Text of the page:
Endpoints and Middleware

For operations that must happen on the server, Factor includes utilities for adding endpoints and middleware. This document discusses how to create and use them...

When To Use

In a normal web-app, many actions need to happen in a trusted server environment. Some example scenarios:

  • Indexing or deleting data in a third-party service
  • Charging a customer
  • Authentication

This is because transactions handle private information and secret API keys that can't be exposed to the public.

Using endpoints and middleware allows the Factor application to securly request an action take place; and simply returns the result to the user.

HTTP Endpoints

As endpoints are a common pattern, Factor includes a standard endpoint handling utility to make this easy.

  • On the server

    • Endpoints are added via the endpoints filter
    • Endpoints represent a typical Factor module or class. This allows for simple resource sharing amonst similar endpoint requests.
    • The endpoint handler takes care of parsing requests and determining authentication status.
  • In the client

    • The form of an endpoint request uses $factor.$endpoint.request(args)
    • The request method arguments:
      • id (required) - The ID of the endpoint to call
      • method (required) - The method of the endpoint class
      • auth (optional) - If the user must be authenticated (default: true)
      • params (optional) - Additional arguments are passed as parameters to the method (default: {})

Adding an endpoint in a server accessible module/plugin:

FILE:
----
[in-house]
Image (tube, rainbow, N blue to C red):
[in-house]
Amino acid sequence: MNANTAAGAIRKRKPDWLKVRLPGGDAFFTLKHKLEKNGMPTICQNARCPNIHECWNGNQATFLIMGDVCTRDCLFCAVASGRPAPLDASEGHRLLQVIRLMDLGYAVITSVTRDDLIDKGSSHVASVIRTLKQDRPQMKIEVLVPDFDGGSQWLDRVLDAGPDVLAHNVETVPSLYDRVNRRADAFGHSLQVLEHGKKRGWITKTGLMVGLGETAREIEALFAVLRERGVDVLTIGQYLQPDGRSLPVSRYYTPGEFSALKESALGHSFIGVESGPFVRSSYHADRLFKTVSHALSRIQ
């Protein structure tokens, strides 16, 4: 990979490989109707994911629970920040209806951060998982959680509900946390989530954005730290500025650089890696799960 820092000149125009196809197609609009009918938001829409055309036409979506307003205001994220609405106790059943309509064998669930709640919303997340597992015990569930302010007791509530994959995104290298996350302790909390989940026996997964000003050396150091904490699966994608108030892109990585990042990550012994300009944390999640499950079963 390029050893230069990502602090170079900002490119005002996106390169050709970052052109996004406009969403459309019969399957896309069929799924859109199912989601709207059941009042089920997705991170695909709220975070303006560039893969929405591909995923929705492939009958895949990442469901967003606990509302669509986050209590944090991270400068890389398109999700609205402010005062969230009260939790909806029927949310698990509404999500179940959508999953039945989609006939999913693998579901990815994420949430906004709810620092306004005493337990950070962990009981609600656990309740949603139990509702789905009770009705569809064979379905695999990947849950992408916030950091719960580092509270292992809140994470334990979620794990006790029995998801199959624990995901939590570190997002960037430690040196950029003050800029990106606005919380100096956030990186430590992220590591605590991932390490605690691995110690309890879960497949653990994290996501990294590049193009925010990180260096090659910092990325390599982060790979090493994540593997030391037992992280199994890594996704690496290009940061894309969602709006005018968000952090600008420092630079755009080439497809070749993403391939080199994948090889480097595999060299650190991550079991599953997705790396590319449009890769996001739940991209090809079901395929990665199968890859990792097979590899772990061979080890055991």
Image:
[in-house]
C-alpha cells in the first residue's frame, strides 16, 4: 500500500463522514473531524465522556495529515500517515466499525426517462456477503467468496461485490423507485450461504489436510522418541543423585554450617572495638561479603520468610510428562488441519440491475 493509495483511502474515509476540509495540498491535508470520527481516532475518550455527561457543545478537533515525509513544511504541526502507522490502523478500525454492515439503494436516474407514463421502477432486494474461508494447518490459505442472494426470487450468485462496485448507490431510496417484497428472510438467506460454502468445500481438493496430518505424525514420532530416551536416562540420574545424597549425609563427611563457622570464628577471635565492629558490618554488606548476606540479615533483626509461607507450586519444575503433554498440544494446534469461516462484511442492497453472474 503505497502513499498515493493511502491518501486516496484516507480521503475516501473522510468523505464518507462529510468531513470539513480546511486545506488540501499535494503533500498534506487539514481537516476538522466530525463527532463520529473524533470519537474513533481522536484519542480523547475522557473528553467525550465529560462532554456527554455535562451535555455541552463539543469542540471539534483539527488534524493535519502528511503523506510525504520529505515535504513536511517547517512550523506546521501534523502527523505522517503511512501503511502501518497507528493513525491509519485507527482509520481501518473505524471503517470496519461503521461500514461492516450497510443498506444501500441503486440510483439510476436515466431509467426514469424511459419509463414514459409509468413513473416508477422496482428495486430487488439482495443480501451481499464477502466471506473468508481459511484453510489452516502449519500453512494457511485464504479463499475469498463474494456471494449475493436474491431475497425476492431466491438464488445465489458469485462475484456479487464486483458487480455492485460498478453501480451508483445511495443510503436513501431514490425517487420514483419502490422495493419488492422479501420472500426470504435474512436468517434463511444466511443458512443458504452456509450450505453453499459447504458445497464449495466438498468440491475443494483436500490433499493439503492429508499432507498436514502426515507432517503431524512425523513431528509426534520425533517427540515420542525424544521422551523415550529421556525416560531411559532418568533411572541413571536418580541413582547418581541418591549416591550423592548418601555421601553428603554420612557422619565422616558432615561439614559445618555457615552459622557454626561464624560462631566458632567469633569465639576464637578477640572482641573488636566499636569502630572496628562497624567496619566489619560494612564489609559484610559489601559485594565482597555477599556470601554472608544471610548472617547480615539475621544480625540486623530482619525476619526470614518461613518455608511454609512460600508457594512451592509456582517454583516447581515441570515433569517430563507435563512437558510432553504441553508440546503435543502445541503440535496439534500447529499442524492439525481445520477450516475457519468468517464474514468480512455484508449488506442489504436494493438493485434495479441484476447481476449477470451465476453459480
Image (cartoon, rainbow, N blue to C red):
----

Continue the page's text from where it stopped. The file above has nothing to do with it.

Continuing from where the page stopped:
// Adding an endpoint in a server loaded module
export default Factor => {
  return new class{
    constructor(){
      // adds "this" representing the current class as the server endpoint handler
      // the endpoint ID is "myEndpoint"
      Factor.$filters.callback("endpoints", {
        id: "myEndpoint", 
        handler: this 
      })

      // Note: On the server Factor.$config.settings() is available with all secrets and environmental vars (TOP SECRET!)
    }

    endpointMethod(params){
      return `my response with option: ${params.myOption}`
    }
  }()
}

And in another plugin in the client or app:

// Requesting an endpoint transaction from your app
export default Factor => {
  return new class{
    constructor(){ }

    async requestEndpointMethod(){

      // Request and await transaction of endpointMethod 
      const response = await Factor.$endpoint.request({
        id: "myEndpoint", 
        method: "endpointMethod",
        params: {myOption: 123}
      })

      console.log(response) // "my response with option: 123"

      // Note: Authorization header automatically included with user token which is used to determine auth status
    }
  }()
}

Middleware

Endpoints are built on top of "middleware." Middleware is used as a more general utility for handling server requests to specific URLs. In Factor, middleware is easily extended and adding middleware can solve many different problems, such as generating sitemaps or handling form data.

In Node, middleware functions always take the form:

const myMiddleware = (request, response, next) => {}
  • Request - Is the client's request to the URl
  • Response - Is your server's response
  • Next - Is a function which Node uses to determine if it should continue processing middleware at a specific URL or stop.

Adding Middleware

To add middleware to your Factor server, all you have to do is use the middleware filter and a middleware object which includes the path and callback function(s).

As an example, middleware for creating a sitemap might look like the following:

// index.js
export default Factor => {
  return new class{
    constructor(){
      Factor.$filters.add('middleware', middlewares => {
        middlewares.push({
          path: '/sitemap.xml', 
          callback: async (request, response, next) => {
            // generate sitemap 
            const sitemapXML = await this.getSitemap()

            response.header("Content-Type", "application/xml")
            response.send(sitemapXML)

            // Notes: No 'next' call is needed since we don't need to continue processing other middleware
          }
        })
      })
    }
  }()
}